Provide a brief summary of what you learned and how you would apply what you learned as a manager.
United States Supreme CourtCARNIVAL CRUISE LINES, INC. v. SHUTE(1991)No. 89-1647Argued: January 15, 1991Decided: April 17, 1991After the respondents Shute, a Washington State couple, purchased passage on a ship owned by petitioner, a Florida-based cruise line, petitioner sent them tickets containing a clause designating courts in Florida as the agreed-upon fora for the resolution of disputes. The Shutes boarded the ship in Los Angeles, and, while in international waters off the Mexican coast, Mrs. Shute suffered injuries when she slipped on a deck mat. The Shutes filed suit in a Washington Federal District Court, which granted summary judgment for petitioner. The Court of Appeals reversed, holding, inter alia, that the forum-selection clause should not be enforced under The Bremen v. Zapata Off-Shore Co., 407 U.S. 1 , because it was not “freely bargained for,” and because its enforcement would operate to deprive the Shutes of their day in court in light of evidence indicating that they were physically and financially incapable of pursuing the litigation in Florida.Held:The Court of Appeals erred in refusing to enforce the forum-selection clause. Pp. 590-597.(a) The Bremen Court’s statement that a freely negotiated forum-selection clause, such as the one there at issue, should be given full effect, 407 U.S. at 12-13, does not support the Court of Appeals’ determination that a non-negotiated forum clause in a passage contract is never enforceable simply because it is not the subject of bargaining. Whereas it was entirely reasonable for The Bremen Court to have expected the parties to have negotiated with care in selecting a forum for the resolution of disputes arising from their complicated international agreement, it would be entirely unreasonable to assume that a cruise passenger would or could negotiate the terms of a forum clause in a routine commercial cruise ticket form. Nevertheless, including a reasonable forum clause in such a form contract well may be permissible for several reasons. Because it is not unlikely that a mishap in a cruise could subject a cruise line to litigation in several different fora, the line has a special interest in limiting such fora. Moreover, a clause establishing ex ante the dispute resolution forum has the salutary effect of dispelling confusion as to where suits may be brought and defended, thereby sparing litigants time and expense and conserving judicial resources. Furthermore, it is likely that passengers purchasing tickets[499 U.S. 585, 586]containing a forum clause like the one here at issue benefit in the form of reduced fares reflecting the savings that thecruise line enjoys by limiting the fora in which it may be sued. Pp. 590-594.(b) The Court of Appeals’ conclusion that the clause here at issue should not be enforced because the Shutes are incapable of pursuing this litigation in Florida is not justified by The Bremen Court’s statement that “the serious inconvenience of the contractual forum to one or both of the parties might carry greater weight in determining the reasonableness of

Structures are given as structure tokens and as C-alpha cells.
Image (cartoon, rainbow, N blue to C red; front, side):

the forum clause.” Id., at 17. That statement was made in the context of a hypothetical “agreement between two Americans to resolve their essentially local disputes in a remote alien forum.” Ibid. Here, in contrast, Florida is not such a forum, nor -given the location of Mrs. Shute’s accident -is this dispute an essentiallylocal one inherently more suited to resolution in Washington than in Florida. In light of these distinctions, and because the Shutes do not claim lack of notice of the forum clause, they have not satisfied the “heavy burden of proof,” ibid. required to set aside the clause on grounds of inconvenience. Pp. 594-595.(c) Although forum selection clauses contained in form passage contracts are subject to judicial scrutiny for fundamental fairness, there is no indication that petitioner selected Florida to discourage cruise passengers from pursuing legitimate claims or obtained the Shutes’ accession to the forum clause by fraud or overreaching. P. 595.(d) By its plain language, the forum selection clause at issue does not violate 46 U.S.C. App. 183c, which, inter alia, prohibits a vessel owner from inserting in any contract a provision depriving a claimant of a trial “by court of competent jurisdiction” for loss of life or personal injury resulting from negligence. Pp. 595-597.